Referring now to FIG. 1, the ball throwing exercise apparatus 10 of the present invention includes a sphere 12 typically a ball such as a baseball or softball, which has an exterior spherical surface 14 containing first and second diametrically opposed access sites 16 and 18, respectively, to an internal polar passage 20. An elongated anchor strap 22 includes a first strap mid portion 24 traversing the internal polar passage 20 and strap end portions 26 and 28 interconnected by a fastener 30 at the first access site 16 to internal polar passage 20. The elongated anchor strap 22 has a second strap mid portion 32 wrapped against a substantial part of the exterior spherical surface of the sphere 12 between the second access site 18 and the first access site 16 to establish a path of elastic resistance along a tangential line formed by the wrapped part of the second strap mid portion 32 in response to an applied force comprising both translation and rotational motions of the sphere 12. A feature of the exercise by the present invention brings about rotation of the internal polar passage 20 in an end-over-end relation by the rotational motion of the sphere. As shown in FIG. 2, an elastic band 34 is secured by a clasp 35 to a D-Ring 36 which is sewn into the material of the anchor strap 22. At the opposite end of the elastic band 34, there is a clasp 38 that can be used for securing the band to a suitable structure 39, a handle grip assembly being shown, to anchor the exercise device. Such anchorage can be provided by a fence post, a wire fence, or any other suitable static structure.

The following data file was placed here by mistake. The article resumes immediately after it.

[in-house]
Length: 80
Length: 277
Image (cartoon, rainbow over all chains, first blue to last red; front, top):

Preferably the anchor strap 22 is comprised of woven material such as nylon to impart a non-elastic property so that when engaged with the sphere the end portions of the strap remain in a fixed relation at one of the entrance sites to the polar passageway. To ensure a long continued static relation between the strap and the sphere it is preferred that the width of the strap corresponds to at least about three times the diameter of the opening to the internal polar passage so that the strap transforms from a flat configuration along the second mid strap portion 32 which is exteriorly about the sphere to a rolled shape interiorly along the internal polar passage. Thus, the width and thickness of the strap create sufficient bulk causing a tubular configuration of the first strap mid portion between generally plain configurations of the second strap mid portion and strap end portions. As shown in FIG. 1 the internal passageway is provided with a tubular barrier wall in the form of a sleeve 40 extending along the passageway into engagement with end portions of grommets 42 fitted into the internal passageway at the surface of the sphere.